This report includes country case studies, including Tanzania, South Sudan and Uganda
In pharmaceutical management, distribution schemes for medicines can be defined as “push” or “pull” systems. In a pull system, each level of the system determines the types and quantities of medicines needed and place orders with the supply source. In a push system, supply sources determine the types and quantities of medicines to be delivered to lower levels.
This helpdesk report examines the advantages and disadvantages of these “push” and “pull” mechanisms. Advantages of pull systems include that they are responsive to health facilities’ medication requirements, so there is more flexibility in selecting medicines for specific health problems in particular regions or types of health units. Their flexibility can result in less shortages or surpluses of items and less wastage caused by expiry of medications. Push systems are less flexible and responsive but they can be useful in particular situations.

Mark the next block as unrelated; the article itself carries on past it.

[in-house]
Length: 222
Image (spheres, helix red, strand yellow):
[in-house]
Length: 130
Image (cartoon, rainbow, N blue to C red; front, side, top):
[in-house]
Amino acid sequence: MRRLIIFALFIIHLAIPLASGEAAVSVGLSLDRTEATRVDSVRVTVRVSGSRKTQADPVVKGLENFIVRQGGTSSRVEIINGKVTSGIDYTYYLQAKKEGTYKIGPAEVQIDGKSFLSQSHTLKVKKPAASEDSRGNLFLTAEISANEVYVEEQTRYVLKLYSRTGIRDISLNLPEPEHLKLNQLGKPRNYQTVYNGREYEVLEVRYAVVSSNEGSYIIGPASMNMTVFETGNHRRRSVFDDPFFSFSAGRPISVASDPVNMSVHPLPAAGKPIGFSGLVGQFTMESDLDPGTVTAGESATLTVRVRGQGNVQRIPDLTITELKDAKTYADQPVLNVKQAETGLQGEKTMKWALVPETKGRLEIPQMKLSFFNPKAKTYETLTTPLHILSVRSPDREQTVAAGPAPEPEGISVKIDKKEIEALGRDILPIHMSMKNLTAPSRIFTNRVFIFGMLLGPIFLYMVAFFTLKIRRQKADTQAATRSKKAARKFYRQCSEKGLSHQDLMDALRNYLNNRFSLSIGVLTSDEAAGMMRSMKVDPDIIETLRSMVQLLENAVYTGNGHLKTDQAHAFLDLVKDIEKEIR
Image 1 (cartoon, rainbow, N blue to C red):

They can provide essential medicines with a simplified system of budgeting, procurement, storage, transport and supply management. They are widely used in disaster relief. Some countries use push systems for routine supply of essential medicines to rural health facilities.
This report includes case studies of countries in transition from “push” to “pull” systems; countries that use a mix of “push” and “pull” mechanisms and examples of other approaches such as “top-up” or informed push systems.
Health and Education Advice and Resource Team (HEART). Helpdesk Report: Comparative advantages and disadvantages of “push” and “pull” mechanisms in pharmaceutical management HEART, Oxford, UK (2016) 10p